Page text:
Whether you’re in the mood for a pitcher of Pisco Punch or simply want to expand your spirit knowledge, here are five pisco brands available around the U.S. worthy of a spot on your home bar.
With flavors of citrus and spice, Pisco Portón wonderfully complements a bitters-topped Pisco Sour. It’s made near the coast of Peru at Hacienda La Caravedo, which claims to be the oldest distillery in the Americas, in operation since 1684. At $40, the stately bottle will look impressive on any bar.
Barsol is the pisco you’re most likely to find in bars around the country. The brand produces four cocktail-worthy expressions (Primero Quebranta, Selecto Italia, Selecto Acholado and Supremo Mosto Verde Italia) at Bodega San Isidro in Ica, Peru. While all of Barsol’s bottlings hover around the more affordable $25 range, we like the Primero Quebranta best for its balanced flavor and versatility.
Unlike many other piscos out there, this delicate bottling, which sells for about $40, leans hard on its floral notes and is meant for sipping, rather than mixing. That said, it’s also a terrific substitution for gin in cocktails like Gimlets and Negronis.
Campo de Encanto’s Grand and Noble Pisco is an acholado, or a blended pisco, made from five different grape varieties (moscatel, quebranta, mollar, italia and torontel). It has a rich and fruity flavor with a crisp finish, making it perfect for sipping or mixing into classic pisco cocktails. A bottle of it goes for about $38, a fair price considering the bevy of delicious concoctions it will help create.
The only Chilean pisco on this list, Control C hails from the Limarí Valley in north-central Chile. It’s made primarily from Pedro Ximenez and Moscatel grapes, and has a slight spice on the nose, but a sweet and citrusy flavor. Though it makes a great cocktail—top it with Coke for a Piscola, a popular Chilean drink—this $25 pisco is also incredible neat or on the rocks.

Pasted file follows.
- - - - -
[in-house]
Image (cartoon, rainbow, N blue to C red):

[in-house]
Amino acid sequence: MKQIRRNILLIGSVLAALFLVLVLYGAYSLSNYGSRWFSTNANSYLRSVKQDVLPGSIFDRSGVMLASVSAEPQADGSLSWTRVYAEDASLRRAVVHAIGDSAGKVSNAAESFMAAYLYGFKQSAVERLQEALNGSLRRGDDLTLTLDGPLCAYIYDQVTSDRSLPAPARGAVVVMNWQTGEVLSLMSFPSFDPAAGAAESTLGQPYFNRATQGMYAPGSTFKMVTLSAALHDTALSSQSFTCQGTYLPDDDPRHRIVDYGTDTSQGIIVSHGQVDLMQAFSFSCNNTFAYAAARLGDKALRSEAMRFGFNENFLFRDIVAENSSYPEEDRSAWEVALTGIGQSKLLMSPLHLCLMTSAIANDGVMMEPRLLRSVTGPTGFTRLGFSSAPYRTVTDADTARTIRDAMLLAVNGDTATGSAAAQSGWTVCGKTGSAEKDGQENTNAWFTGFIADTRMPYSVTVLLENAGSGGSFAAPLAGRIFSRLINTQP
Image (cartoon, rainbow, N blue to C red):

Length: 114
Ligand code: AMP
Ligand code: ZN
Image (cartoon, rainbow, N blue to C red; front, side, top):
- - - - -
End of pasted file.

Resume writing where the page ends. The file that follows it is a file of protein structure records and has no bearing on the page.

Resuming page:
According to their website, Macchu Pisco is “Peru’s best high.” Regardless of whether or not that’s totally accurate, Macchu Pisco is one of our favorite piscos to use behind the bar. Founded by sisters Melanie and Lizzie Asher, Macchu Pisco is one of the only pisco distilleries in Peru run by women. Made from 100-percent Quebranta grapes, this pisco is rested for a year before being bottled. Light and ethereal, Macchu Pisco has notes of lawn clippings, hay, clay, wet stone and Cotton Candy grapes.
While this delectable bottling from the 1615 brand (named for the year pisco production began in Peru) is made from 100-percent Quebranta grapes like others on this list, it is the only Mosto Verde style of pisco. To make a Mosto Verde pisco, the fermentation process is interrupted before all of the natural sugars are converted to alcohol, and the wine (more of a boozy, effervescent juice than dry white wine) is distilled with sugar still present. This process yields a juicy, vivacious pisco that is almost velvety on the palate. With an abundance of bright, fresh white grape flavor, and a crisp minerality, this is the type of pisco you want to sip straight and savor.
Named for a constellation known as the Kappa Crucis, this Chilean pisco (the second on this list) is made from Muscat grapes. Distilled twice and blended with spring water from the Andes Mountains, this pisco is so clean and pure tasting that it rivals the best vodkas. Remarkably smooth, Kappa has subtle notes of orange blossom, jasmine, candied lemon peel and wet stone. This pisco is extremely quaffable and would be phenomenal in simple cocktails like a Pisco Soda or a Martini.